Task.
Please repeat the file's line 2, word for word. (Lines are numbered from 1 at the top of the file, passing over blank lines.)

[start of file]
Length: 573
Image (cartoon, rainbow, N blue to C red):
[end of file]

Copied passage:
Image (cartoon, rainbow, N blue to C red):